This is a Dharma Glimpse that I originally presented on 11/24/19 as a participant in the Lay Ministry program of the Bright Dawn Center of Oneness Buddhism.
I recently had the opportunity to sit down to dinner at a local Indian restaurant with a couple of other Buddhist-minded folks from the Unitarian-Universalist congregation that we each participate in. I must admit that in the back of my head there was a bit of reservation present about eating at this particular restaurant as in the past I have had minimal if any contact with Indian cuisine, this likely being the first time I’ve actually eaten food of this variety. By the time I had eaten a few bites I had decided that I had found a new favorite as the restaurant offered heaping portions (I got 3 meals out of my order) and the food was absolutely delicious, being spiced to such an extent that even my own eyes were watering quite a bit, something that came as a surprise as I’m a big fan of spicy food!
Its not uncommon for us to walk into a restaurant for a meal with pre-conceived thoughts about how the food, the atmosphere and the experience may touch us. I feel that we can identify that this line of thinking doesn’t end here either as I’m sure we can all agree that if we were to evaluate any typical day that we could easily find ourselves approaching countless different day-to-day scenarios and occurrences with pre-conceived judgments based off of the ways we think things will appear or transpire. How often do we walk into a meeting thinking we know the outcome, meet a new person thinking we already know something significant about them or assume we know what someone else on the roadways can and can not see, expects or doesn’t expect? (I’m particularly guilty of this one!)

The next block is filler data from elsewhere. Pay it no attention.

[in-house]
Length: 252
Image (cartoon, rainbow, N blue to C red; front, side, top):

My mind goes to a common Zen parable-story of sorts. It has several different presentations but they all hit at the same point: A Zen student-hopeful once approached a teacher and asked to be accepted as a student, to be trained in the ways of Zen. The teacher took a cup and began to fill it for the student, filling it until the small cup began to overflow. Alarmed, the student shouted “Stop!”. “Your mind is like this teacup, overflowing, come back when you have emptied it” the teacher responded.
May we each take this lesson to heart by placing our pre-conceived thoughts judgements to the side. May we experience daily life with open-eyes, as a fresh, clean cup.
This is a Dharma Glimpse that I originally presented on 11/3/19 as a participant in the Lay Ministry program of the Bright Dawn Center of Oneness Buddhism
There is an old saying: “Take a picture, it will last longer”. This phrase is often tossed around when one person is gazing at something or someone else continuously, perhaps in a manner which may be perceived as rude or disrespectful. “Take a picture, it will last longer”. But at what possible cost does this approach come?
At the time I am writing this it is Halloween and I am preparing to head back out to work to drive the students I transport to and from school each day. No doubt they will all be looking for different opportunities to take pictures whether they are at a party, trick or treating or some other event – and the same could be said about most people in this contemporary day of social media where it could be suggested that a large amount of people wish to either share or memorialize virtually every aspect of their lives. Social media has done wonderful things for society and proves to be a great way to back up photos, videos and other digital forms of events and memories. Unfortunately, it can easily be said that far too often many of us may live for the the act of creating that media-sharing opportunity to the extent that we dull the experience itself – whatever that action or event may be.